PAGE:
Linköping gave new directionBy Linkoping University Jun 20, 2013 5:11PM UTC
The Colloseum, one of the central meeting places at Linköping University, is full of life. Students pass by, talking and laughing, on the way to a lecture or perhaps just out into the sun. Some remain in the cafeteria for a moment’s chat over a Swedish fika.
Sandeep Jakkampudi smiles as he looks around. He is back at Linköping University for a short while. It was here he studied for his master’s, and it was here he was president of the international students’ organisation. And it was here his life changed.
Jakkampudi came to Linköping University in 2009. He was an electronics engineer from southwest India, and was going to build on that with study in the System on a Chip master’s programme. But his time in Linköping got him to rethink that plan.
“Linköping University gave me a chance to see what I really wanted to do and the freedom to empower my skills. Here I experienced the importance of innovation and entrepreneurship,” he says.
He switched to a master’s programme focusing on innovation and product development.
Alongside his studies, his year as president of the International Student Association (ISA) involved a great many useful lessons.
“It was a challenge to build a functioning organisation, with good teamwork and the ability to develop new activities. Concretely, I got to learn what innovation means,” Jakkampudi tells us.
Several new initiatives were taken during his year as the head of ISA.
“We introduced the Student Pickup Service, meeting newly-arrived international students at the train. We arranged a Sports Week with various sports. We arranged trips, fashion shows, and a parade and street dance in central Linköping that got a lot of attention.”
ISA also expanded i-Day, the international cultural day, to two days where people could acquaint themselves with dishes and cultural efforts from all the corners of the globe.
“I was really happy with the ISA team. It was a fantastic experience to work together with people from South America, China, Norway, Lithuania and Germany.”
He has never regretted crossing the globe to study at Linköping University.
“I’ve learned so much in Sweden, about everything from how to act in traffic to how to deal with your garbage so that it can be recycled. And through my Swedish host family I learned about Swedish culture, like candlemaking and celebrating Christmas.”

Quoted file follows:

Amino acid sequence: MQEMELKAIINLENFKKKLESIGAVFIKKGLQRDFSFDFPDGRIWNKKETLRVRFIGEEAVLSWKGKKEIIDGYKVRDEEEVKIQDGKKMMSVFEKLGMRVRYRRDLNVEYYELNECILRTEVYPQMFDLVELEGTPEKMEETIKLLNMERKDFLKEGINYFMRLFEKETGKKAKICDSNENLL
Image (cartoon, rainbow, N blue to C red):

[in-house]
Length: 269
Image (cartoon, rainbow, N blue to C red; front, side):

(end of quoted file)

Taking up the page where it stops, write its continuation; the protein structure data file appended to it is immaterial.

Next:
At one point, Jakkampudi thought about investing in tourism after his studies. The plan was to get more people from India to visit Europe. Over one summer he drove around with several friends and visited many of Europe’s major cities.
“The Grand European Tour,” he says, laughing.
But something else grabbed his interest. On the way to the renowned ice hotel in Jukkasjärvi in northernmost Sweden, Jakkampudi discovered the Swedish forests in earnest.
“They were endless, and stretched for miles and miles.”
He started reading and learning more about it, and noticed that Sweden had a resource here for which there was great need in India.
“In India, 95% of all wood products are imported. Previously, a lot came from the rain forests in Asia and South America. Today Canada and Europe have taken over as suppliers. So far, however, there isn’t a lot coming from Scandinavia.”
“A number of Swedish wood product businesses have tried to get into the Indian market, but without success. Language has been a problem, as has a lack of transparency, information and networks.”
Jakkampudi contacted the Swedish forestry company BooForsjö AB, who were interested in letting him carry out market research in India for them as his master’s thesis. But the company began experiencing financial problems and was forced to withdraw. Jakkampudi, however, held onto his plan.
“And the day before I left, the Norwegian forestry company Moelven got in touch and said they were ready to sponsor me!”
For three months he criss-crossed India, interviewing people engaged in various industries connected with wood products.
“It provided a fantastic opportunity to visit places in India I’d never been to before. In total, I conducted 120 interviews. Many, of course, wondered what kind of student I was, asking strange questions. A number of them thought I came from customs or the tax agency…”
His results after the trip are unambiguous.
“There is a constant requirement for wood in many different sections, such as the construction, furniture and packing industries.”
The lessons have not only ended up in his master’s thesis, but have also provided a good foundation to stand on for the new company, Woodpie, that he started up during the year.
“I’ll help with the contacts between Scandinavia and India, between the sellers and purchasers of wood products.”
Just a week after we meet, he will be on his way to India with Moelven to meet purchasers.
“This is just the beginning. In ten years, maybe I’ll have started a company that makes furniture for IKEA in India,” Jakkampudi says, smiling.
Text: Lennart Falklöf
Photo: Vibeke Mathiesen